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Clay Holmes Will Pitch as a Reliever for Indianapolis

By Jason Shetler

p/c: Aaron Doster – USA Today Sports

On the same day that Clay Holmes was optioned to AAA Indianapolis, Pittsburgh Pirates Manager Clint Hurdle said after Thursday’s game that the hard-throwing righty will be used as a multiple-inning relief arm.

Holmes had pitched primarily as a starter the past two seasons with Indianapolis, posting a 3.38 ERA, along with a 3.51 FIP and a groundball rate of 61% in a total of 47 games. 

On April 6th of last year, Holmes made his debut for the Pirates. His first taste of big league action in 2018 was a real struggle for him, as he posted a 6.84 ERA and a very high 2.01 WHIP in 11 games, four of which were starts. 

Holmes does possess outstanding stuff, such as an upper-90’s four-seamer, a power sinker, a cutter and curveball. The command of those pitches while with the Pirates however left a lot to be desired, and he’ll need to throw more consistent strikes, if he wants to be a mainstay at the Major League level. Holmes made some starts during Spring Training, so he’s certainly stretched out enough to handle multiple innings in the Indianapolis bullpen. The decision to make Holmes a reliever is likely done to give him a definitive role once he returns to Pittsburgh.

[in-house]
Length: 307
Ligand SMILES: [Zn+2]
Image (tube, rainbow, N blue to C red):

Kevin Kramer to Play Some Outfield with Indianapolis

By Jason Shetler

p/c: Aaron Doster – USA Today Sports

According to Pirates General Manager Neal Huntington, second baseman Kevin Kramer will get some outfield time with AAA Indianapolis this season.

Kramer spent majority of last year playing for Indianapolis, which was his first season with the Bucs AAA affiliate. The former second round selection had outstanding numbers with the Indians, batting .311, while posting an .856 OPS in 129 games played. Kramer’s productive work earned him a September call up to Pittsburgh. He struggled mightily with the Pirates however, as he had only a .175 on base percentage, and struck out half the time in 40 plate appearances, mostly as a pinch-hitter. 

Second base is the primary position for Kramer. He’s played some shortstop, but has only done it in spurts during his first year of pro ball in 2015, the 2017 Arizona Fall League and last season. Kramer added third base to his resume a year ago, playing 19 games there. He’s never played any outfield in his professional career.

On Monday, the Pirates optioned Kramer to Indy. While he wasn’t a long shot to make the club, it also appeared unlikely that he would. Huntington says that the decision to have Kramer play some outfield this year isn’t trying to create a utility player, but to find a pathway for him to get back to Pittsburgh since they like his bat and will need him at some point.